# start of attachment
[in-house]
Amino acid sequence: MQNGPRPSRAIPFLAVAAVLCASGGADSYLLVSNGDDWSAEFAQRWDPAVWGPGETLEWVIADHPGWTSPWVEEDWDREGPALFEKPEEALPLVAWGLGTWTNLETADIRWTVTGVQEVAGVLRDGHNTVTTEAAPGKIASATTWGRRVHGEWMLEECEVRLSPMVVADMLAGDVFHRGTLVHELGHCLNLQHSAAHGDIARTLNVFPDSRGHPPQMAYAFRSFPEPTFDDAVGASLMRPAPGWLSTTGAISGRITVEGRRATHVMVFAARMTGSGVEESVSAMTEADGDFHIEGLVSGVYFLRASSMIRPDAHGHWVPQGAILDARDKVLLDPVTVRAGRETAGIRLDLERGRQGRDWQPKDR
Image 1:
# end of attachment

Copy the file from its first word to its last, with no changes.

[in-house]
Amino acid sequence: MQNGPRPSRAIPFLAVAAVLCASGGADSYLLVSNGDDWSAEFAQRWDPAVWGPGETLEWVIADHPGWTSPWVEEDWDREGPALFEKPEEALPLVAWGLGTWTNLETADIRWTVTGVQEVAGVLRDGHNTVTTEAAPGKIASATTWGRRVHGEWMLEECEVRLSPMVVADMLAGDVFHRGTLVHELGHCLNLQHSAAHGDIARTLNVFPDSRGHPPQMAYAFRSFPEPTFDDAVGASLMRPAPGWLSTTGAISGRITVEGRRATHVMVFAARMTGSGVEESVSAMTEADGDFHIEGLVSGVYFLRASSMIRPDAHGHWVPQGAILDARDKVLLDPVTVRAGRETAGIRLDLERGRQGRDWQPKDR
Image 1: